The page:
Legalizing Cannabis – Marijuana

Cannabis, commonly called as Marijuana, is used as a psychoactive drug prepared from the Cannabis plant (a genus of flowering plant in the family Cannabaceae). The major use of Cannabis is for its mental as well as physical effects which include “high” or “stoned” feeling which causes a general change in perception, euphoria (heightened mood) and an increase in appetite.[1] Marijuana is widely used for two main purposes – Recreational and Medicinal.

As we look through the historical window, the very first record of the medicinal use of Marijuana or Cannabis can be traced back to 4000 BC in China where Marijuana was used as an anesthetic during surgery. Evidence from India suggests that Marijuana was used to relieve anxiety as far as back in 1000 BC. In Medieval Times, the drug was widely used across the Europe from where it spread to the North and South America. In 20th Century, Marijuana was criminalized in USA. Though many believed that Marijuana was for the safety of the general public and to reduce health risk, the major reason for its criminalization was racial prejudice against immigrants from Mexico arriving in USA for using Cannabis.[2] Recently in the 21st Century, many states in USA have approved the use of medical marijuana or cannabis and some have even legalized the use of recreational marijuana. In 2012, Colorado and Washington DC became the first jurisdictions anywhere in the world to legalize marijuana. In 2014, Oregon and Alaska also legalized recreational marijuana and New York became 23rd State to legalize medical marijuana. Four additional states of USA namely California, Massachusetts, Nevada, and Maine legalized the use of recreational marijuana in November 2016 and four more relaxed laws on medical marijuana.[3] If we look at the scenario outside USA, Uruguay became first country in the world to legalize marijuana in 2013. There is also a recent havoc in Canada on relaxing laws on marijuana. A recent survey conducted by NRG Research Group and Peak Communications, reveals that 51% of Canadians are in favor of outright legalization, while 33% are strictly against legalization of Marijuana, and a small 14% remain entirely unsure.[4] Even many lawsuits are being filed in the Canada on the issue as we consider the scenario of February 2017.

The instant question which strikes in mind by the aforementioned scenario is whether legalization of cannabis or marijuana was an appropriate measure taken by the US States. To answer this question, let’s look at the Drug Policy Alliance’s[5] reports on the legalization of marijuana in Washington and Colorado.

Since the legalization of marijuana in December 2012 in Washington DC, retail marijuana sales have resulted in the generation of nearly $83 million of tax revenue as per the data provided by the Department of Revenue and the Liquor Control Board[6]. According to data from the Washington State Administrative Office of the Courts, court filings for low-level marijuana offenses by adults 21 years of age and older have dropped 98% since voters approved I-502, the initiative that legalized marijuana for adult use in Washington.[7] This has resulted in saving millions of dollars by the state as there is no longer a need to arrest and prosecute low- level marijuana offenses. This has also resulted in the decline of violent crime rates with traffic fatalities remaining stable.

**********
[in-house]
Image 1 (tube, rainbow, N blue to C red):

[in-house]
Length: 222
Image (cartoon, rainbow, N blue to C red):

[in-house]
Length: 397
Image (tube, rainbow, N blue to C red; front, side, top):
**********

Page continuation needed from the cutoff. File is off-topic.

Similarly, in Colorado, arrests due to marijuana possession have declined by 84% since 2010.[8] As per the data released by Denver City, the violent crime rate has been declined by 2.2%.[9] In 2014, the state of Colorado had 436 traffic fatalities, a 3% drop when compared with the data of 2013 when the number of traffic fatalities was 449. The decline in fatalities in 2014 marks a continuation of a 12- year long downward trend in traffic fatalities in the state of Colorado.[10] Just like the data from Washington DC, data released by the state Department of Revenue revealed that tax revenue only from retail marijuana sales which does not include revenue generated from medical marijuana, licenses and fees amounted to $40.9 million between January 2014 and October 2014.[11]

From the data provided, it is clear that legalization of marijuana generally had positive impacts. Due to the positive impacts in Washington and Colorado, the model was implemented further in other States of USA which amounted to a revolutionary change in perspective of people towards marijuana. There is also strong support for marijuana legalization throughout USA and more than 50% of the people believe that marijuana legalization either had a positive impact or no impact at all in their lives. Recent researches and studies have also resulted in changing the perspective of the people as they discard the old theories on marijuana. The theory of marijuana as a ‘gateway drug’ to other drugs has been discarded. According to the recent studies marijuana rather acts as an ‘exit drug’. The medical use of marijuana is also on increase. All these factors have resulted and may further in the future result in the widespread legalization of marijuana across the world. Therefore, it’s easy to say that legalizing marijuana was a right step taken by US States.

The next question which arises from the environmental perspective is though Marijuana sales have resulted in an economic boom in U.S. states that have relaxed their cannabis laws, but is the increased cultivation and sale of this crop also resulting in escalating environmental damage?